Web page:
Next month, University of Wisconsin students will vote on a plan for the Division of Recreational Sports to raise $233 million [sic] through segregated fees. For such a large project, it hasn’t been much of a story in the broader Madison community, which is surprising considering how the college affordability crisis has caught on with the media at large.
The U.S. has more student loan debt than credit cards and car loans, according to the Federal Reserve Bank of New York. Students borrowed half a trillion dollars between 2007 and 2012, which amounts to as much debt as all living Americans who’d attended college before them.
One of the biggest boosters of skyrocketing student debt is semi-jokingly called the “amenities arms race.” With enrollment slowing and public attention focused on tuition, universities have turned to ever more luxurious dorms, dining facilities and rec centers to differentiate themselves and enhance their prestige.
It’s called an arms race because each project raises the bar for everyone. If Purdue builds an Olympic-size pool, Indiana wants one. Once Michigan and Minnesota put up suite-style housing, suites become the new standard. The pressure not to fall behind is immense but as long as everyone stays in the race, no one can possibly win.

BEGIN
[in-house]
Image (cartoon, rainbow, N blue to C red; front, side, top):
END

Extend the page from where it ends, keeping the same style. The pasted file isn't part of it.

Who’s keeping UW in the race? Not students. Four years ago, Rec Sports’ more modest Nat Up proposal was voted down despite $30,000 of student fees poured into the “yes” campaign. The 2006 Union South referendum passed only after DoIT’s mistakes on a separate issue led the Associated Students of Madison to write off two student rejections of the plan. It squeaked by on a third, unusually-low turnout vote held before finals with paper ballots.
The structure of UW itself keeps the race going. Like most big universities, UW is more a collection of fiefdoms than a unified whole: individual colleges, departments and divisions run largely on their own. An entity like Rec Sports is free to demand $233 million [sic] because no one in Bascom has the duty to ask or answer questions like, “Is this a reasonable addition to the total cost of attendance?” or “What overall program can we offer for how much a price?”
Further, student turnover creates short memories. After all, what’s another hundred bucks a semester? It may not seem like Rec Sports is asking for much right now, but that’s probably because you weren’t around or don’t remember when Biddy Martin asked, or WUD, or Housing, or Transportation Services, or the Regents or the state. All those hundreds of bucks add up.
UW likes to invoke the Wisconsin Idea (it’s crucial to Bucky’s brand) but today it seems to mean little more than doing what every other big university does. College affordability is a national crisis. Taking a first step toward ending the unaffordable, unsustainable amenities arms race — by sending Rec Sports back to the drawing board — would be the best example in years of the Wisconsin Idea in action.
Daniel Bush ([email protected]) graduated from UW-Madison in 2009 with an MPA degree.
Editor’s note 1: The author works for the Department of Public Instruction. His personal views do not reflect those of the State Superintendent, a member of the Board of Regents.
Editor’s note 2: The original version of this letter said the Master Plan would cost $233 million. It will cost $223 million, and the story has been updated to reflect the inaccuracy of the author’s figure.